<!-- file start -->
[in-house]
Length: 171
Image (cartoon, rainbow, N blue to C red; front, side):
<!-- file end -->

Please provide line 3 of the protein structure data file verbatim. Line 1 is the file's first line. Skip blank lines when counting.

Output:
Image (cartoon, rainbow, N blue to C red; front, side):